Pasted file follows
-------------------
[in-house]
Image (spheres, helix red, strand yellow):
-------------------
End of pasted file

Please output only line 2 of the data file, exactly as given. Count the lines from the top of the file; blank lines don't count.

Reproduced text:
Image (spheres, helix red, strand yellow):